But you don`t have to go to FIFA for that, just go to Wall Street. We have
CEOs of our top Wall Street firms that have paid tens of billions of
dollars of fines for financial malfeasance and they`re seated(ph) at the
White House.

They keep their top positions, they take home massive pay. This is an age
of impunity, it`s a disgrace. And eventually, it`s going to lead to an
explosion. The question is when?

O`DONNELL: And Katrina, we`re watching this game being played by Jeb Bush
now, which is just a mockery of these campaign finance laws.

He is pretending he`s not yet officially a candidate for president, simply
so he can raise more money very directly with the Super PAC that he would
not be able to officially coordinate with if he was a declared candidate.

Larry. I mean, you said it at the top of the program.

I mean, the question is, are we a government of by, for the people or are
we one of these oligarchical countries which we issue human rights reports

The Super PACS have redefined the systemic corruption that already existed.
Ari Berman in "The Nation" this week writes about how the wealth primary is
undermining voting rights.

Fifty years ago, African-Americans were discriminated against by poll
taxes, literacy tests, today, the skyrocketing costs of campaigns,
including the Super PACS, you mentioned these billionaires have made
everyday Americans rightful vote mean not enough, mean too little.

And the other thing I`d say is, it`s not just about access and influence,
it`s about the ability to shape the debate that goes on in this country.

That is why there is a striking disconnect between what is going on inside
the beltway in Washington and the views of everyday Americans.

Whether it`s on job creation, on higher minimum wage, on affordable college

SACHS: Taxes of the rich --

HEUVEL: Taxes, progressive taxation and finally, to pick up on what
Jeffrey said, we live in an age of impunity. There is an inequality of

Why is it that those who took us into war in Iraq or the bankers are not
held accountable, while someone in Louisiana has life without parole for
stealing a $149 coat?

I mean, all of this just doesn`t make sense, we need to find a new way.
And there are solutions -- I`ll let David speak, he is my long time

But there are solutions, whether it`s President Obama issuing an executive
order to force federal contractors to disclose their contributions.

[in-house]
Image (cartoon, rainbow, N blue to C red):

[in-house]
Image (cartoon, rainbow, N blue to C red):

Public financing, which this city of New York has and it has changed the
political landscape, and there are bills -- one -- with only one Republican
co-sponsor, so don`t let people tell you there are no difference between
the parties.

They both are in hoc to the systemic corruption.

O`DONNELL: And David Corn, so far in this campaign season, the easiest
thing I`ve heard candidates say about what to do about this is, oh, we`ll
push for a constitutional amendment to change citizens united, which they
know is never going to happen.

The constitutional --


O`DONNELL: Amendment process isn`t going to get them there.

CORN: You know, in some ways, I mean, we`ve been talking about this in one
form or another for a couple of decades now.

Every couple -- you know, every couple of years, there is some reform and
then a Supreme Court decision comes along or a new way to scrap the rules
and we`re back to the races with money having outside influence.

It seems to me that until there is, you know, enough of a scandal or enough
of a persistent, you know, wheel of corruption that is -- that is accepted
by 60 percent, 70 percent, 80 percent of the public and they care about it,
things won`t change.

Because, you know, you can poll this again and again and again and everyone
thinks that the system is corrupt, but they don`t make voting decisions
based on this.

They don`t give money to common -- you know, to public interest groups and
so on, to fight the stuff. They kind of -- you know, the public kind of
accepts this.

You know, unfortunately, and there can be a great Kristof column, a great
piece in "The Nation" magazine, "Mother Jones", professor Sachs can come
out with a great analysis.

But at the end of the day, if American voters and American people decide
that -- you know, unless they decide they care about this enough, the
people with the money who have a strong investment in this stuff are still
going to have the upper hand. And --

HEUVEL: But the people -- the people have -- people have an interest, too,
David, and I think --

CORN: Well, they do --

HEUVEL: We`re at a risk of being too cynical about this, because this is
going to feed the view that -- government, let it go, any government views.

We got to take back government and clean it up, not say it doesn`t work.
And by the way, we`ve moved from a discussion of campaign finance, not